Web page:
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"Corn" in English is used for a variety of grains depending on the locale. This term "Welschkorn" is used by Carl Schurz to describe a field of grain in the Palatine. It is not critical to following the narrative but I am just curious and I have not found an answer on the Internet.

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The German Wikipedia for corn (zea mays):

Auf eine fremde bzw. überseeische Herkunft verweisen auch die Bezeichnungen „Welschkorn“, die vor allem im Pfälzischen verbreitet ist, ...
(The term "Welschkorn, which is especially common in the Palatine hints to the foreign or overseas origin,...)

Another candidate is buckwheat, but here no regional uses for "Welschkorn" are given:

In manchen Gegenden wird Buchweizen auch als Heiden, Heidenkorn, Blenden, Brein, schwarzes Welschkorn, Gricken (lit. Grikiai) oder türkischer Weizen (bei Th. Storm) bezeichnet, ...
(In some areas buckwheat is called (...) black Welschkorn...)

Note that for buckwheat typically the adjective "black" is added, so check your sources.


Edit:

Taking your (probable) source into account

Ich hatte während der Belagerung oft Gelegenheit gehabt, mir die unmittelbare Umgebung der Festung genauer anzusehen, und kannte daher das Terrain, in welchem der Kanal draußen mündete, ziemlich gut. Ich schlug meinem Genossen vor, daß wir auf der Bank bis gegen Mitternacht sitzen bleiben sollten, um dann den Kanal zu verlassen und zuerst die Deckung eines nahen mit Welschkorn bepflanzten Feldes zu suchen. Von da würden wir, wenn der Himmel klar wäre, einen kleinen Teil des Weges nach Steinmauern, einem etwa eine Stunde von Rastatt entfernten am Rhein gelegenen Dorfe überblicken können – wenigstens hinreichend, um uns zu vergewissern, ob wir uns ohne unmittelbare Gefahr aus dem Welschkornfelde herauswagen dürften.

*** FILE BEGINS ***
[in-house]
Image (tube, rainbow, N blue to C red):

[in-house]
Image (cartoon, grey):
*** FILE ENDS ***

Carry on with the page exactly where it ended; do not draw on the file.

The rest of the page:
and double-checking with the Palatine and Lorraine dictionary of the University Trier and the Southern Hessian dictionary of the Hessisches Landesamt für geschichtliche Landeskunde, I'm quite sure that Schurz describes corn.

Apart from that, hiding in a buckwheat field is very difficult:

enter image description here (Source)


Generally, the term "Welsch-" denotes foreign origin, typically referring to the geographically closest "Roman tribe or nation" - for the Palatine that would be France, for (Southern) Tyroleans Italy. It can often be understood as a somewhat generic term for "foreign".

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That excerpt is, in fact, the source of my question. So do you believe Schurz is referring to a field of maize? – Joe D'Alessandro Feb 2 at 2:58
    
@JoeD'Alessandro - yes, that's how I read it. – Stephie Feb 2 at 15:05
    
If this is indeed the source used, then one maybe nit-picky comment: The two mentioned places Rastatt and Steinmauern are not nor have ever been belonging to the Palatinate, but instead to Baden – tofro Feb 17 at 16:21

In southern German dialects, "Welschkorn" is simply corn (maize). Buckwheat is "schwarzes Welschkorn".

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Being from Lorraine, I have heard in Alsace, people saying "Turki" not for wheat but for corn. It might have had the general meaning of "foreign" as you say about things that are given the name "Welsh", but in fact there is another attested explanation. Some corn seeds, coming from America have found their way to the big market of Constantinople-Istanbul ; from that place, corn has been introduced progressively through the Danube and its affluents in central Europe. It arrived very late (19th century) in Western Europe.

J. M. B.

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Some people mean cereals generally when they say corn, but some mean maize specifically. Which do you mean? – RedSonja Feb 1 at 8:28
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Welcome to the site! I suggest you take the tour and visit our help center to get a better idea of how this site works. Note that we answer the question that is asked, not contribute additional information that may or may not be vaguely related to the discussed subject. This is where Stack Exchange sites are fundamentally different from many other forums on the web, which style you might be more familiar with. In this particular case, the original poster asks about the term "Welschkorn", not about various names of corn and their origin. – Stephie Feb 1 at 8:29

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